tv Worldwide Exchange CNBC July 15, 2019 5:00am-6:00am EDT
nearly a quarter of men say they've shelled out more than $100 the last time they made an impulse buy. over half of people consider themselves to be savers rather than spenders. it is 5:00 a.m. here at cnbc global headquarters, 5:00 p.m. in beijing, china, here's your top five at five a 27-year low. china's economy growing at its slowest pace since 1992, is it the trade war? citi group, goldman sachs, jpmorgan, wells fargo and more it's a big banks earning bona a bonanza. the rally does roll on, the major averages look to open at new all time highs the dow coming off its third record close of the year sosoli
under 27,000 and christmas in july, we're already now a couple of hours into amazon's annual prime day or days. the key take aways that you need to be watching on this monday, july 15th, as "worldwide exchange" begins right now ♪ the boys are back in town ♪ i said the boys are back in town ♪ good morning, good afternoon, good evening, and welcome. i am brian sullivan, and it is nice to be back with you, especially since it looks like more record highs for stocks today. futures are not up a lot, 23 points on the dow, they are in the green nonetheless, all the major average are coming off record highs the s&p 500 trying for its 11th record close of 2019 the bond market, though, i mean,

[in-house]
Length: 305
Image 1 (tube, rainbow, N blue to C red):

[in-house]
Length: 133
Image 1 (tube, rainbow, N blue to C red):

it's reacting a little bit yields have backed up a bit, but not much around the world right now, a similar trend that we are seeing in the european markets we're seeing mostly green on the screen, not a lot. slight gains here, france down we'll call it flat asia, japan is closed today. don't look for a nikkei trade. really your big story is out of china. i want you to pay attention to something here, the hang seng and the shanghai did finish higher this is interesting. something has happened in china that has not happened in nearly 30 years their economy was close to growing under 6%, second quarter gdp coming in at 6.2%. that might sound good for the rest of the world including us that is a 27-year low for china. let's talk more about what is going on and where it is likely to go with julia wang. julia, good morning, it's kind of funny to say 6.2% growth is a 27-year low. that would sound spectacular to
the united states or to europe, but how worried, if at all, are you about those numbers? >> well, the headline growth numbers are not too long as you said it is a pretty high rate of growth for chinese economy, which is already 11 trillion u.s. dollars in terms of size, and also a middle income economy. but what i think has concerned us in the market a little bit over the past couple of years is the slowdown in some part of the economy and particularly the manufacturing business investment and partly as a result of the trade war, and also policy of deleveraging. we have seen manufacturing investments slowing for a number of years while there was some signs of a cyclical pickup, global trade policy uncertainty has i think dampened that recovery quite a bit so far this year that's really i think the area that concerns us in the market a